Saturday marked the 60th anniversary of the landmark case desegregating public schools, Brown v Board of education. As powerful and transformative as this court case was, there were other civil rights cases that had been fought and won prior to Brown.
According to the archives of the Texas State Bar Association, on March 2, 1945, the attorney representing Gonzalo and Felicitas Mendez and some 5,000 other persons of “Mexican and Latin descent” filed a class action lawsuit against the Westminster School District of California. In a radio interview with NPR Morning Edition’sShereen Marisol Meraji the daughter of Gonzalo and Felicitas, Sylvia Mendez, recants how “their case went all the way to the 9th Circuit Court of Appeals. In 1947 they won: Segregation in those districts ended, and the rest of the state followed.” Even before this case in California, there was indeed a much earlier case that set the landscape for desegregation of public accommodations.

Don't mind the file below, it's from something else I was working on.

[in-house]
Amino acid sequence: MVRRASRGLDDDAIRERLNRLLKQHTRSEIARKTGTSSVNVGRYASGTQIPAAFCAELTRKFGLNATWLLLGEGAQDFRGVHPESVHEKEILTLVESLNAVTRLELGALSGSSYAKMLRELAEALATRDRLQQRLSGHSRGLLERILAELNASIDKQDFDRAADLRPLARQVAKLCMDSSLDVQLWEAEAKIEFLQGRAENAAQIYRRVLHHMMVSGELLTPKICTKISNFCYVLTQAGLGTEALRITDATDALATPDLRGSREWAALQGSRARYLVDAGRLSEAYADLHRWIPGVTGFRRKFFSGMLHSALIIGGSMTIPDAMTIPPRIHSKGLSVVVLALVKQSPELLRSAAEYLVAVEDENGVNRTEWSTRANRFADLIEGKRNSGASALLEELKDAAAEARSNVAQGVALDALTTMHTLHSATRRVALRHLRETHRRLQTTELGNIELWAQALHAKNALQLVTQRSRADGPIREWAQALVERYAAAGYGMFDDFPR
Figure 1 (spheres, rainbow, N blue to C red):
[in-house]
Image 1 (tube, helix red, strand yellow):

In the March 2005 monthly newsletter of the Metro Transit Authority of New York City Judith C. Lovell of MetroCard Customer Relations wrote about a case all but lost in the obscurity of history.In 1854 Elizabeth Jennings Graham’s New York streetcar incident led to the first successful lawsuit against public transit by a woman of color against segregation.Interestingly enough, according to a New York Times article written by Katharine Greider, then 21 year old President to be Chester Arthur represented Ms. Jennings, winning her case on July 16, 1854. The New York City Metro Transit Authority museum has a small exhibit dedicated to her story.